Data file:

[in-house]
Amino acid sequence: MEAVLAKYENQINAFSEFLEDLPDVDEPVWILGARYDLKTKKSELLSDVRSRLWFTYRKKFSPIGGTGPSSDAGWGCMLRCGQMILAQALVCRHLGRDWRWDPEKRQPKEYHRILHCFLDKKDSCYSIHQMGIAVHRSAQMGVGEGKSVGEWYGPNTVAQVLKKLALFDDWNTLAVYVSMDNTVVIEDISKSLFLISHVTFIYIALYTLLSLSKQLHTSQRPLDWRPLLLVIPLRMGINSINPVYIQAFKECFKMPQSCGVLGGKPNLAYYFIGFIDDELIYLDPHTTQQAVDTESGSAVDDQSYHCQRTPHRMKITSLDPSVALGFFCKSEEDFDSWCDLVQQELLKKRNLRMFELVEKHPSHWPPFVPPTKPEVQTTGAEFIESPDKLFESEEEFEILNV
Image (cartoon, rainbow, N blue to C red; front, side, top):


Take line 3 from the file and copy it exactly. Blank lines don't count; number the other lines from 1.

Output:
Image (cartoon, rainbow, N blue to C red; front, side, top):